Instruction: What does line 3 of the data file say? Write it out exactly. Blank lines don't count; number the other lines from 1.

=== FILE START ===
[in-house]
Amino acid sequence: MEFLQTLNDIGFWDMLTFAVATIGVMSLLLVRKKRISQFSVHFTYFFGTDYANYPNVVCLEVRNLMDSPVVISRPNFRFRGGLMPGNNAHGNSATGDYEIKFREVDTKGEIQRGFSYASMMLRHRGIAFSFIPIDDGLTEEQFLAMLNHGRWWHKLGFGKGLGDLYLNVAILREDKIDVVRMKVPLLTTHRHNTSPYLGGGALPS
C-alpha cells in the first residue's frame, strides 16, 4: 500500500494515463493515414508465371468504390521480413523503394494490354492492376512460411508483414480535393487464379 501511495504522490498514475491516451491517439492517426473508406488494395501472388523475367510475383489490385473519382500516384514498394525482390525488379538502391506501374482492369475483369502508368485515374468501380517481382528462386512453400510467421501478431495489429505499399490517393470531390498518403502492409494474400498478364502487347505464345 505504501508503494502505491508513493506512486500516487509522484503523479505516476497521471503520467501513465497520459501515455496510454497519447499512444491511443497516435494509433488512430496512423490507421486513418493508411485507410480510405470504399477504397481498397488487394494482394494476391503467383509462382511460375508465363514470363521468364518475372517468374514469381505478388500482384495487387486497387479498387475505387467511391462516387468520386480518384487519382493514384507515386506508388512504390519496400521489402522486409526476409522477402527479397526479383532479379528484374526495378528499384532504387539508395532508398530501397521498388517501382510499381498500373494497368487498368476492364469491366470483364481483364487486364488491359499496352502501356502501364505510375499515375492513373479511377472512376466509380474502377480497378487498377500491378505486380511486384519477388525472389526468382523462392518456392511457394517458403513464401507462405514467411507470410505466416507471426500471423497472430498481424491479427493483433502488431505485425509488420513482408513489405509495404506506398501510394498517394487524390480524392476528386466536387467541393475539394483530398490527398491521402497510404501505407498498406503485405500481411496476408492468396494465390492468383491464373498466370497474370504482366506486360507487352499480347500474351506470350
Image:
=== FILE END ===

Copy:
C-alpha cells in the first residue's frame, strides 16, 4: 500500500494515463493515414508465371468504390521480413523503394494490354492492376512460411508483414480535393487464379 501511495504522490498514475491516451491517439492517426473508406488494395501472388523475367510475383489490385473519382500516384514498394525482390525488379538502391506501374482492369475483369502508368485515374468501380517481382528462386512453400510467421501478431495489429505499399490517393470531390498518403502492409494474400498478364502487347505464345 505504501508503494502505491508513493506512486500516487509522484503523479505516476497521471503520467501513465497520459501515455496510454497519447499512444491511443497516435494509433488512430496512423490507421486513418493508411485507410480510405470504399477504397481498397488487394494482394494476391503467383509462382511460375508465363514470363521468364518475372517468374514469381505478388500482384495487387486497387479498387475505387467511391462516387468520386480518384487519382493514384507515386506508388512504390519496400521489402522486409526476409522477402527479397526479383532479379528484374526495378528499384532504387539508395532508398530501397521498388517501382510499381498500373494497368487498368476492364469491366470483364481483364487486364488491359499496352502501356502501364505510375499515375492513373479511377472512376466509380474502377480497378487498377500491378505486380511486384519477388525472389526468382523462392518456392511457394517458403513464401507462405514467411507470410505466416507471426500471423497472430498481424491479427493483433502488431505485425509488420513482408513489405509495404506506398501510394498517394487524390480524392476528386466536387467541393475539394483530398490527398491521402497510404501505407498498406503485405500481411496476408492468396494465390492468383491464373498466370497474370504482366506486360507487352499480347500474351506470350